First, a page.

Purple coneflower

Photo: Alex Galt, US Fish & Wildlife Service

Each garden is unique, but there are a few general givens. No matter the style, gardens are personalized to the gardener’s tastes. They enhance a home’s exterior appearance, and enrich and improve outdoor living areas.

Perennials for creating these areas come in a vast number of varieties and several sizes. While planting large, mature perennials offers instant gratification, there are enticing reasons to plant little perennials.

Small pots allow for quick and easy mass or group plantings. If the space to be planted is large, little pots will be quicker to plant and easier to establish, both of which will save the gardener time. Consider large, beautiful stands of Black-eyed Susans or several perennial hibiscus planted together. The look is easy to attain with little perennials.

Small perennials are a great option for the patient gardener. Though they take a little longer, the plants catch up fairly quickly to more mature perennials. Keep in mind the old (and wise) adage pertaining to a perennial plant’s nature: “First sleep, then creep, then leap.”

Thymus serpyllum

Photo by H. Zell, Wikimedia Commons

The first year a perennial is planted, it won’t do much more than it’s already doing in the pot. The second year it will produce a few more stems, spread out a little more, maybe stand a little taller. It’s in the third year that a perennial plant really shines and starts to show what it can do for the landscape. During the first two years the plant is building strong and healthy roots, so by the third it is ready to put more energy into growing and blooming above ground. This is true of any size perennial pot.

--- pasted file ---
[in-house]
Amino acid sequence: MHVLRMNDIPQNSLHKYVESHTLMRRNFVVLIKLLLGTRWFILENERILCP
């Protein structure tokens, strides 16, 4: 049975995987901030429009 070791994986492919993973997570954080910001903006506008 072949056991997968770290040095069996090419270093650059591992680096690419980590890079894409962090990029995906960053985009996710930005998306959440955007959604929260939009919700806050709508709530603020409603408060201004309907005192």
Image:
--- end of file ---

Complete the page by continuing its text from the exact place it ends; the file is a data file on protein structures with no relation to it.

Gardens are constantly evolving, and many gardeners would agree that’s one of the best parts of gardening. Small plants are an excellent way to experiment in the garden and try something new. Of course, smaller plants also mean a smaller price, so experimenting is that much easier.

When adding little plants to an existing garden, be aware that digging and dividing might be required within a couple years if the plant is placed too close to other plants. Though they are little, be sure to give them the space they’ll need when they grow big.

Little perennials are a great way to plant a whole new garden! Try a white garden, a butterfly and bee garden, a mailbox garden, a rock garden, or any garden of your dreams.

A couple ideas to try:

Sunny Butterfly and Bee Garden

  • Yarrow
  • Coneflower
  • Coreopsis
  • Gaillardia (Blanket Flower)
  • Penstemon

Mailbox/Boulevard Garden

(tolerates salt spray from roads)

  • Palace Purple Heuchera
  • Daylily
  • Sedum
  • Black-eyed Susan
  • Creeping Thyme

Tonkadale carries a wide variety of perennials in little pots. Let your imagination go wild, experiment, create a whole new garden, or change the look of an existing garden – little plants make it easy!